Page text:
Lin explains to Alex that she is over 100 years old, created by her mother as a new breed of agents for exactly this purpose: revenge on the Dragon Emperor. Her mother cannot survive for long periods of time away from Shangri-La, but she can.

“And what will you do? When he’s dead?” Alex asks.

Lin doesn’t answer.

The Dragon Emperor attacks Shangri-La and finds himself confronted on all sides. While his control of the elements allows him to sweep aside his enemies, the power of Yi Zuan’s sorcery and her control of the element of Wood nearly derpives him of his powers.

Yi Zuan moves in for the kill, throwing caution to the wind, challenging the Dragon Emperor. They fight like demigods, tossing each other against the rock amid fire and explosions, until the Emperor finds an opening and strikes her through the heart. They tumble into the Fountain and the Dragon Emperor rises…

His power restored.

His form shifting and mercurial, his magic restored, the Dragon Emperor makes short work of the heroes and glides away on the wind to the location of his tomb, to summon his terracotta soldiers, leaving Shangri-La in ruins.

While the Dragon Emperor is an impossibly powerful sorcerer, however, he is no longer undead (having been exposed to the waters of the Fountain), making him once again vulnerable to the Circle Curse, which begins to drain Yi Zuan as well. She knows it, but is willing to take the risk of dying by accelerated aging away from Shangri-La, for hate’s sake.

The Dragon Emperor knows this, but his survival comes second. First, he needs to awaken his soldiers and lead them to march upon the world. Meeting General Yan and his surviving soldiers, his makes his way to his ancient tomb.

Our heroes arrive in the middle of a firefight, as the Chinese Army (mobilized beforehand) attempts to intercept the Dragon Emperor and his cultists and perhaps destroy the teracotta army before they get a chance to awaken.

Rick and Alex join the fight, confronting General Yan, as Lin and Yi Zuan attack the Dragon Emperor. Their attack plan is solid and counteracts the Emperor’s shapeshifting abilities. But Yi Zuan calls the Emperor out as Lin moves in for the kill, stopping her; she wants him to die by her hand. She speaks the Circle Curse on the Emperor, who shades his dragon-ape form to assume that of his mortal shape. He wishes to kill Yi Zuan with his own two hands.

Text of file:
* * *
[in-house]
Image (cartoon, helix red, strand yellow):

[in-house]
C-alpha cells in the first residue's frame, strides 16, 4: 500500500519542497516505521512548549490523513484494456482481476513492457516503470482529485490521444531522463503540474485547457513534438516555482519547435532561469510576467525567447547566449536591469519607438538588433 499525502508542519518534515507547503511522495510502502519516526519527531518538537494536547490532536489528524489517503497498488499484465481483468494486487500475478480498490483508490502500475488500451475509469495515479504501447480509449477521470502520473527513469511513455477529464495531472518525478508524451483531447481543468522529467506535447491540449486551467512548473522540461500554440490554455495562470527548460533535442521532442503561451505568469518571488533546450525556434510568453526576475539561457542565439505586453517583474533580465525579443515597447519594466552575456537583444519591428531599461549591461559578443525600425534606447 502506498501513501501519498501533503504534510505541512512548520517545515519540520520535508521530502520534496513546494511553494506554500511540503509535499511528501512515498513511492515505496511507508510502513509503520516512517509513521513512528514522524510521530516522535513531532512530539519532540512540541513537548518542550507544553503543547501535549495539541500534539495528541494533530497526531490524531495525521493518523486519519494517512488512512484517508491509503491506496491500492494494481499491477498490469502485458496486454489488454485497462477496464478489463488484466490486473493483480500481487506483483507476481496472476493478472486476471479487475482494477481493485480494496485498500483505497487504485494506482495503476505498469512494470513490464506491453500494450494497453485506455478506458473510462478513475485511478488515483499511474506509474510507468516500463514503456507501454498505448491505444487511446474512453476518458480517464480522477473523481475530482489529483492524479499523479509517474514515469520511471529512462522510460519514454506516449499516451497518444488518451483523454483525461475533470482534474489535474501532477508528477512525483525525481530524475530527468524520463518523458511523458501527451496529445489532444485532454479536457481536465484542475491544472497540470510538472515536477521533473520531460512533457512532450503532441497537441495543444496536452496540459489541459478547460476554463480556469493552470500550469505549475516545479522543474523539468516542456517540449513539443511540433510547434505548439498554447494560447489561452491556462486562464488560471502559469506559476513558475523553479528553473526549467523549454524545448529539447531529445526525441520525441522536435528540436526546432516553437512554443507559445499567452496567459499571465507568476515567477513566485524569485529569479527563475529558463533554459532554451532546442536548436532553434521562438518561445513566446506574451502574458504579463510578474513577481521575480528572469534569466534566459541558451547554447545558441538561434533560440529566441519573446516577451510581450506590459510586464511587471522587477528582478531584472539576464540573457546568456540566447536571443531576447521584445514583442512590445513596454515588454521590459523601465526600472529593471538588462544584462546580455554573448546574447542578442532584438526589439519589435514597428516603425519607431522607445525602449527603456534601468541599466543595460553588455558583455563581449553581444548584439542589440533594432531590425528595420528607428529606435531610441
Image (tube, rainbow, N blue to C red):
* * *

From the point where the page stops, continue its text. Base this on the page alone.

“My only regret is that I cannot make you die slower.”

Yi and the Emperor clash, but she is no match for him. Despite what little healing power of the Fountain remains, Yi is growing older by the second. Her body and mind fails her in the battle and she’s wounded horribly, her belly torn open by the Dragon Emperor’s sword.

It is Evellyn that finds her in this state, withering and bleeding out, but somehow kept alive despite the trauma. Yi explains the nature of the Circle Curse to Evellyn and she understands.

“Hate begot hate begot hate. And now here you are, kept alive for hate’s sake.” Evellyn says, before plunging the dagger in Yi Zuan’s heart, killing her. The Circle Curse is now broken. The Dragon Emperor is now fully mortal.

General Yan has fought Rick and Alex valiantly. Even though the General has gotten the upper hand, his momentary lapse as he sees his Master fly to his tomb gives Alex the time he needs to shoot him. The General’s gaze does not waver. He has served his master well.

The Dragon Emperor awakens his terracotta soldiers. They are creatures of the Earth: tireless, capable of gliding through rock that are indestructible as long as they are contact with the ground. While the Chinese Army has an obvious advantage by virtue of firearms, the soldiers move through the ground among their ranks and kill them, even as a new soldier is spawned from each fragment of the previous one.

Rick, Alex and Lin make their way into the tomb to confront the Dragon Emperor. He shapeshifts to make up for his enemy’s number and skill: from a giant ape-thing, to a wolf to a creature with the head of a hawk and the body of a leopard. Alex collapses a part of the tomb, forcing the emperor into a tight space where he would be unable to make use of his shapeshifting ability. Lin goes at him head on, but the Emperor assumes the form of a constrictor snake and crushes her bones.

In the end, Rick decides to attack the Emperor, giving Alex time to come from behind. Now at this point, I’d like to ask you a question: if you were Jet Li, playing a 2 thousand year old war criminal emperor wizard, would you even bother going for a fistfight with an uppity American adventurer?


The Dragon Emperor breaks Rick’s limbs in a matter of seconds, leaving him to writhe helpless on the floor, before Alex has made his move. His attack fails and is about to be killed by the emperor, just as Rick forces himself to lunge at his enemy and keep him occupied long enough for Alex to stab him in the back, into his heart.

The Dragon Emperor perishes and his army perishes with him, collapsing into the dust.

The movie ends, with Rick recuperating in the hospital. Lin gives up on Shangri-La, left ruined and inhaited only by the Yeti and its mad people, choosing instead a life with Alex and senility in 
exchange for the maddening howl of the Himalayan tops. And Evellyn, who has seen the true face of hate, finally convinces Rick that the time has come to give up the mantle.

“I could have done it myself you know, if I was ten years younger.”

“I know Rick, I know.” Evellyn tells him.

“Thank God for Alex, huh?”